Turkey used secret witness testimony of a con man to bury the case of illegal arms sent to jihadists

Abdullah Bozkurt


Caught red handed while shipping heavy weapons to jihadist groups in Syria in January 2014, Turkey’s intelligence service MIT turned to an organized crime boss who had served jail time to help build a sham case against prosecutors and investigators who looked into al-Qaeda and Islamic State in Iraq and Syria (ISIS) networks, which were responsible for the death of hundreds of people in Turkey in past terrorist attacks.

Tamer Barış Terkeşli, a notorious felon and a fugitive who served time on extortion, blackmail, sexual harassment and other criminal charges, was enlisted as a secret witness whose false testimony was used as the main piece of evidence to prosecute senior officials in the judiciary and security branches who had investigated the links of jihadist groups to the Islamist government of President Recep Tayyip Erdoğan. The statement, taken secretly, was part of a calculated scheme by the Erdoğan government to create a pretext for dismissing and imprisoning dozens of Turkey’s top prosecutors and police chiefs specialized in counterterrorism.

The same secret witness statement also helped Erdoğan and his associates to bury major investigations into pervasive corruption in the government and the clandestine activities of the Islamic Revolutionary Guard Corps (IRGC) Quds Force in Turkey.  In order to shield the fabricated cases from collapse, the government hid the identity of Terkeşli in prosecution indictments and court documents. The witness’s statement was simply referred to by the codename “Bulut” (Cloud in Turkish).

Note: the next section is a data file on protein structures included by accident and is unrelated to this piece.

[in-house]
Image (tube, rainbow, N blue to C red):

Court papers that show Tamer Barış Terkeşli, the government’s secret witness, is a swindler and extortionist:



Terkeşli was arrested in the southeastern province of Adana in 2011 and was later indicted on three counts of establishing and running an organized crime gang to extort and blackmail businesspeople, municipal employees and government officials. He had served 22 months in prison before he was released pending trial. He faced up to 26 years in prison if convicted. His trial was moving forward in the Adana 5th High Criminal Court under case file No. 2014/187.


Mortar shells bound for jihadists in Syria were seized in Turkey’s southeastern border province of Adana.


The court records show he was also accused of sexual harassment in a case where he allegedly lured a young woman who was working in his municipal office and had sex under a false promise of marriage. He took nude pictures of her and later used them to blackmail her. Buried deep in legal trouble and the prospect of a long jail sentence, he offered his help to frame critics and opponents of the government, mainly people affiliated with the Gülen movement, led by US resident Fethullah Gülen, who has long been a vocal critic of President Erdoğan.

With the directive coming straight from Erdoğan’s office, MIT set up a secret task force to build a case against the prosecutors, police chiefs and military commanders who had intercepted an illegal arms shipment in January 2014. Closer scrutiny and the ongoing legal investigations by investigators in the law enforcement, military and judicial branches in the border provinces made it difficult for jihadists to move across the Turkish-Syrian border, and MIT had to constantly watch its back for fear of exposure of the illegal arms transfers. Bent on ousting the Bashar al-Assad government through any means possible, Erdoğan’s goal was to remove all obstacles for MIT so that illegal activities to empower jihadist groups could proceed without any glitches. As a result Terkeşli, who identified himself as a MIT operative according to a 2015 indictment in Adana, was enlisted as a secret witness to make baseless accusations against people targeted by the Erdoğan government.